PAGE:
Amazon Books is opening its doors on Bethesda Row to readers Tuesday.
Paper taped over the windows of the storefront at 7117 Arlington Road on Monday concealed the work that was going on inside to get the roughly 6,000-square-foot space ready for shoppers. This is the second Amazon Books store in the D.C. area, with the first opening in Georgetown in March, and it’s the 16th brick-and-mortar bookstore overall for the online retailer.
“We’re always looking for areas with lots of shoppers, and Bethesda Row fits that target really nicely,” Cameron Janes, vice president of Amazon Books, said by phone Monday.
The store in some ways is a physical manifestation of the website, with shelves carrying the “most-wished-for books” from Amazon.com or titles with more than 10,000 reviews. Another section is filled with the most quotable books, chosen based on an analysis of how many times readers have highlighted passages on their Kindle readers.
There are also some area-specific shelves stocked with books that might appeal to D.C. locals.
All 3,700 titles in the store are either best-sellers, new releases or have online ratings of four or more stars.
Amazon devices are available in the store to test and buy, and the store also offers highly rated games and products created by startup businesses.
“Amazon Books at its core is all about discovery,” Janes said. “We can have millions and millions of books in store online. … Sometimes it’s hard for me to find a great book among all that choice, and what happens when you walk into Amazon Books is we’ve really curated the store around making it really easy and really simple for our customers to find something they’ll think they’ll love.”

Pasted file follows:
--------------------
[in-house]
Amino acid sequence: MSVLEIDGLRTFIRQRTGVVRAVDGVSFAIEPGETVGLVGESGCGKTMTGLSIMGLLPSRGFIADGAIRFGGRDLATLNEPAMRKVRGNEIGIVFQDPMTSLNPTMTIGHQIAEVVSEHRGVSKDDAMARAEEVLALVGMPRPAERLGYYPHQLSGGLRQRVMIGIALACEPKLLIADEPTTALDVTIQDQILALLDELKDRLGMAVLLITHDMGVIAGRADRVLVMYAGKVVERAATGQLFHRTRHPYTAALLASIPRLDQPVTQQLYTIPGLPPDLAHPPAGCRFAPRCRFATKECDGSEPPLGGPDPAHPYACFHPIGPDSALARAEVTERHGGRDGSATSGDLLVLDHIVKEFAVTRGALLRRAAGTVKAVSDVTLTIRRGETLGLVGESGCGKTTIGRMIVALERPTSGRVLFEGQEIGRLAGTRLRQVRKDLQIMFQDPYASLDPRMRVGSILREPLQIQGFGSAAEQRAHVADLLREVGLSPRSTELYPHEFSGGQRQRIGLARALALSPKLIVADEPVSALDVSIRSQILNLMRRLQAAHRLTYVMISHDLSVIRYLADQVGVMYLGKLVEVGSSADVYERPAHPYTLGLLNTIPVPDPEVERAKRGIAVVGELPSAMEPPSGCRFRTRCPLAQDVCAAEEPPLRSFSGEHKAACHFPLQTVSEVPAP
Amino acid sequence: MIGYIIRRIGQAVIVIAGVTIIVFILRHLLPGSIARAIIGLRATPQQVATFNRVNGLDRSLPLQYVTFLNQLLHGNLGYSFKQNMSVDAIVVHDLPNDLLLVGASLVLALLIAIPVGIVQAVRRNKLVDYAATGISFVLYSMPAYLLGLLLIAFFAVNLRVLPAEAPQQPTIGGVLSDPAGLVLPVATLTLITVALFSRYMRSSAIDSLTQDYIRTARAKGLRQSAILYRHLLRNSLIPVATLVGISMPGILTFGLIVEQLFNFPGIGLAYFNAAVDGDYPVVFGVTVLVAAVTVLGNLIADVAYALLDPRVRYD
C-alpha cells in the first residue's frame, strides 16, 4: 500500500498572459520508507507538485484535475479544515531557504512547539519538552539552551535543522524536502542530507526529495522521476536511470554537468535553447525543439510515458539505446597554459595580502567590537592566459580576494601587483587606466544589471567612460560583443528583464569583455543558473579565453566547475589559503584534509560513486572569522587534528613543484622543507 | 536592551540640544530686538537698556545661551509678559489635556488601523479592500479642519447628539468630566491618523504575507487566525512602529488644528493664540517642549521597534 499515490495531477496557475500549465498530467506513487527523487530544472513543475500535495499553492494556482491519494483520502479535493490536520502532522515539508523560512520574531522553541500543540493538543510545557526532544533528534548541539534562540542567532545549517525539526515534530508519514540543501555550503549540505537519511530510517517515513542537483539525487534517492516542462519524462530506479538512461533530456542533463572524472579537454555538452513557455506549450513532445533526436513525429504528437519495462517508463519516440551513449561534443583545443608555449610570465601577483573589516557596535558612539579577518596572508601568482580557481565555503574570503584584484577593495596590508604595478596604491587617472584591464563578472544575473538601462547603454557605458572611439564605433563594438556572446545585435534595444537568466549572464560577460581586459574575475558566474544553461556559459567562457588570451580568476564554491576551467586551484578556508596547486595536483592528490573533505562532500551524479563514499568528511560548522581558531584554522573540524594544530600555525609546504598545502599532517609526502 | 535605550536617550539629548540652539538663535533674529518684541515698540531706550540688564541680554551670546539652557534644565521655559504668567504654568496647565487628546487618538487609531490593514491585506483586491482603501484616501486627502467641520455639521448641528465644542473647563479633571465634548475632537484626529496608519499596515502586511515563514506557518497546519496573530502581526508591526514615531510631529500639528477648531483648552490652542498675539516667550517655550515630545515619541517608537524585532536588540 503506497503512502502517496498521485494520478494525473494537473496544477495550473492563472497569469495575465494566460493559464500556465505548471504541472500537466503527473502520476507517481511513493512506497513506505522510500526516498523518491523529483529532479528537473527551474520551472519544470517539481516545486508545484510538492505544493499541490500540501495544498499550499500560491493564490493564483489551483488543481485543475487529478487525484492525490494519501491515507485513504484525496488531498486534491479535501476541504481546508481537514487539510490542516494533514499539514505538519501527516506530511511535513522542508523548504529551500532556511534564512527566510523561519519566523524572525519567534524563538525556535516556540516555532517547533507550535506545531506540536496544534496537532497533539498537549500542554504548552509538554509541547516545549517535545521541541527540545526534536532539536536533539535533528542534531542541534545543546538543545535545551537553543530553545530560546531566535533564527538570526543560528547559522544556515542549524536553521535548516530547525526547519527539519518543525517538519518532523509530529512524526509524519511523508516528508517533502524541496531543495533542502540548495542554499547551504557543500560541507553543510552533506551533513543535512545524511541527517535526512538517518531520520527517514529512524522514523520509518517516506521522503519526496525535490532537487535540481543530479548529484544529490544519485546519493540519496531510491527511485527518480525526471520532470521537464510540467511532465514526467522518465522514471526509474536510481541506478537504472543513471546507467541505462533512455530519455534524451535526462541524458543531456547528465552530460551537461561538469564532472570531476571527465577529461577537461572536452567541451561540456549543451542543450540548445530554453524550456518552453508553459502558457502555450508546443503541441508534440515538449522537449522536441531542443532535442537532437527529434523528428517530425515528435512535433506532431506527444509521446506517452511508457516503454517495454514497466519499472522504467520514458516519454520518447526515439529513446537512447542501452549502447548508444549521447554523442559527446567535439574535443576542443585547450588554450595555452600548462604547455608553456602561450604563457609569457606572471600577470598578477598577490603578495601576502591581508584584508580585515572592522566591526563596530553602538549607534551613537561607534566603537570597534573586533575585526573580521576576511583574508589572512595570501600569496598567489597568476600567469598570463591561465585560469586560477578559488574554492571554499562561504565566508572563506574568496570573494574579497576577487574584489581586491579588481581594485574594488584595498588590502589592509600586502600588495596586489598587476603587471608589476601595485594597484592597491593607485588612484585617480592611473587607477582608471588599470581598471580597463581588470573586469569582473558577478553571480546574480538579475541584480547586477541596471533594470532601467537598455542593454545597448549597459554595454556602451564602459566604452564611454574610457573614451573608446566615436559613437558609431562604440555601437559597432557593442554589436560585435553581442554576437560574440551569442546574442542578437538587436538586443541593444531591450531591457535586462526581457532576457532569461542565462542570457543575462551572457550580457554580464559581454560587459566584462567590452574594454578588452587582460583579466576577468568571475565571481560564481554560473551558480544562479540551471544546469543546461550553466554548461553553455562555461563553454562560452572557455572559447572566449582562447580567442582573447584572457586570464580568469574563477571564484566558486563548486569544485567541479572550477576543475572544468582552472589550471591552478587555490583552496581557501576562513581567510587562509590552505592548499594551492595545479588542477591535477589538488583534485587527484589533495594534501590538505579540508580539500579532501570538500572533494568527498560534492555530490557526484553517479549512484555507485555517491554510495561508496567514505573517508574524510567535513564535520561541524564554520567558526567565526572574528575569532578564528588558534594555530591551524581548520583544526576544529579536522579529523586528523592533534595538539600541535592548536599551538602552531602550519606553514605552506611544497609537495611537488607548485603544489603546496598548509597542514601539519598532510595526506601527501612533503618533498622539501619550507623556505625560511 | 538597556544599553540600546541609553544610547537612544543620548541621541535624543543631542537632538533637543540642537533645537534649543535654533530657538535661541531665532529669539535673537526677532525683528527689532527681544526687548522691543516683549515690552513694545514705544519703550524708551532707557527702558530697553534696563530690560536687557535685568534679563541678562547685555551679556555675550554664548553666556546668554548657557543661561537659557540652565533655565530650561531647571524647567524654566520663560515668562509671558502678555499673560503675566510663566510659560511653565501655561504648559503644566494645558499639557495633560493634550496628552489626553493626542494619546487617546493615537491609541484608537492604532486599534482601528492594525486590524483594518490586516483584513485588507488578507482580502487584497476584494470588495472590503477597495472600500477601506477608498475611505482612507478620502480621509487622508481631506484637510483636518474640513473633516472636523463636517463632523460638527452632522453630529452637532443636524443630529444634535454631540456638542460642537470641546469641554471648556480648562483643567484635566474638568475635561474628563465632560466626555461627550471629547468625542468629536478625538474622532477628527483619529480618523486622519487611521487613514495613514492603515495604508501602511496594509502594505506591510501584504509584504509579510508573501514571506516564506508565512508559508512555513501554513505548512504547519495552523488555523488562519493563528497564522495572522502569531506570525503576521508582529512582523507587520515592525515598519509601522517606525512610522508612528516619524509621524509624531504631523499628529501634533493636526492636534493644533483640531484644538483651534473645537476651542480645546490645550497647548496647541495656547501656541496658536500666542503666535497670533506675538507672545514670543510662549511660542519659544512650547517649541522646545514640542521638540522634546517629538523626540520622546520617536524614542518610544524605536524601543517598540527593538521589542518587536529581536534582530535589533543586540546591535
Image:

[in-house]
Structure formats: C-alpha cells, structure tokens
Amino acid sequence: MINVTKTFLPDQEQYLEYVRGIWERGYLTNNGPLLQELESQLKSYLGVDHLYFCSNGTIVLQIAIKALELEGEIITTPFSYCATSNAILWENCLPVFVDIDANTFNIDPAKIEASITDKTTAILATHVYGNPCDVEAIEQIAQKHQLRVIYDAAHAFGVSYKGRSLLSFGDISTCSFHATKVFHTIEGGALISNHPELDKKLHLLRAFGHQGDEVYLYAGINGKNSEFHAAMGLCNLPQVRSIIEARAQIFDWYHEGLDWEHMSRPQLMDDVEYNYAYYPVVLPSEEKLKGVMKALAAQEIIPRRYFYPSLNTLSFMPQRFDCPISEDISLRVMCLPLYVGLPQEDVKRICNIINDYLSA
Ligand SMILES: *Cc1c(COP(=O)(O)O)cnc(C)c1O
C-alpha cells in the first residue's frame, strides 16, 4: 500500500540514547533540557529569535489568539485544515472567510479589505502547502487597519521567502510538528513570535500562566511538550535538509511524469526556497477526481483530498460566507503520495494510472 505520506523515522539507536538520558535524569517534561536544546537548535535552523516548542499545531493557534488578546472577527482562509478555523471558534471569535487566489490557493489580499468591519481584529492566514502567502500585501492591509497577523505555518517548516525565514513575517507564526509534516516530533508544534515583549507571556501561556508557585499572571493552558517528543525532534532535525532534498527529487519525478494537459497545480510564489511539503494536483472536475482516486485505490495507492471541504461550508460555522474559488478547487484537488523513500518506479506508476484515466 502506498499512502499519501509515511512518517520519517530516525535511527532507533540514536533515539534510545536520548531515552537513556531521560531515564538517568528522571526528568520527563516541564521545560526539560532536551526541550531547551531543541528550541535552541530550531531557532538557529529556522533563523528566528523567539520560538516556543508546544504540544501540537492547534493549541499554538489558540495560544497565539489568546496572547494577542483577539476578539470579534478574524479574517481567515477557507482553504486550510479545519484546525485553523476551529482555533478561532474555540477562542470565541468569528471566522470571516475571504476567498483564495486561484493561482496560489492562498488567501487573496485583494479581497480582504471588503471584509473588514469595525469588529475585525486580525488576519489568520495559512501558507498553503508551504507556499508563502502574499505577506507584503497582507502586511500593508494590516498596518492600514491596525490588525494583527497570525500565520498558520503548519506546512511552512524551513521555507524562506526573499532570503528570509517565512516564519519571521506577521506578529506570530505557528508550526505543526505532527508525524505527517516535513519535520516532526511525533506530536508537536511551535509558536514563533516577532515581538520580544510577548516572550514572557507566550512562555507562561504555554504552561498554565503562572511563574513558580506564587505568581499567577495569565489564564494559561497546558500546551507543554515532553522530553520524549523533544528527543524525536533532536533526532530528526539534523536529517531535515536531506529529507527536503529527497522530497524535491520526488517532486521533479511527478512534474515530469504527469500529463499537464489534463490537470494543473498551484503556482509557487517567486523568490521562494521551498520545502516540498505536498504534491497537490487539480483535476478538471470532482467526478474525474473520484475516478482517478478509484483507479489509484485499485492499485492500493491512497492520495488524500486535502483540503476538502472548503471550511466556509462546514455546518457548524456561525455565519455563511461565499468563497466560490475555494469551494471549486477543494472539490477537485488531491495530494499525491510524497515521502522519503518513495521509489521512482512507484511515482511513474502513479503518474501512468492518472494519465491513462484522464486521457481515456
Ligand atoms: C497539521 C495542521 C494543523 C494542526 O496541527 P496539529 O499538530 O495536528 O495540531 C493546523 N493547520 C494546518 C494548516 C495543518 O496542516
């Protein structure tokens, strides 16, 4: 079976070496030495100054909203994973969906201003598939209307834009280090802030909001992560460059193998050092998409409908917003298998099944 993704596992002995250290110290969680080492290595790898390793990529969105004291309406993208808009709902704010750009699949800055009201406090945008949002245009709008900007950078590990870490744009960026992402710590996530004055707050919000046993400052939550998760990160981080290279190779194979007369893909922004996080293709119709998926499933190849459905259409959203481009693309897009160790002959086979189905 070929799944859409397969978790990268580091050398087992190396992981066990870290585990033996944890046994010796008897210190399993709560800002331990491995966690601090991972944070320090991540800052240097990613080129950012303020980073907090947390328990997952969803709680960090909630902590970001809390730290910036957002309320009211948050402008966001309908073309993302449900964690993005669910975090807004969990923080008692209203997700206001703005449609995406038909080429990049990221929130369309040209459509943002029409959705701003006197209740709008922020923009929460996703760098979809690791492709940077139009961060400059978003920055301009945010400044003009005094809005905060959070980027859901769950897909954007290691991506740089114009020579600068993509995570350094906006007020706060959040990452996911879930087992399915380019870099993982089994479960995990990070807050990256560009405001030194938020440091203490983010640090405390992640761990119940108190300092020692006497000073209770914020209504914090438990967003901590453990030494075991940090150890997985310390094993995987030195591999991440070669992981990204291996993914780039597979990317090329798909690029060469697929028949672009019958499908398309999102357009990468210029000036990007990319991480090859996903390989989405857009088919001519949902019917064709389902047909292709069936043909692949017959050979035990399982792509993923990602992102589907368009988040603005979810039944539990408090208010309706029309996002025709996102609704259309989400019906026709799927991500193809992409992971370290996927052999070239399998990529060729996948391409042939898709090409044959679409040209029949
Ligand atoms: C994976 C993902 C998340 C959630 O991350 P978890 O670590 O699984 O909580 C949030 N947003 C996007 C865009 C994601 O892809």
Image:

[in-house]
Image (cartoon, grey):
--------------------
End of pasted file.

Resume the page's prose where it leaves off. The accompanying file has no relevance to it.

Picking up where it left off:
Shoppers who are members of Amazon Prime get the lower, online prices for books and other merchandise, while others pay the sticker prices.
The opening of Amazon Books means Bethesda Row will once again have a bookstore, several months after the closure of the Barnes & Noble at the corner of Woodmont and Bethesda avenues.
Janes said it’s up to customers to decide if Amazon Books fills the void left by Barnes & Noble but said the store was designed with local shoppers in mind. He added that the bookstore will consider offering a story-time program, depending on the community demand.
The store’s summer hours will be 10 a.m. to 9 p.m. Monday through Thursday, 10 a.m. to 10 pm. Friday and Saturday and 11 a.m. to 7 p.m. Sunday.
Photos from inside Bethesda Row's Amazon Books store, which will open Tuesday. Credit: Bethany Rodgers.
Bethany Rodgers can be reached at email@example.com.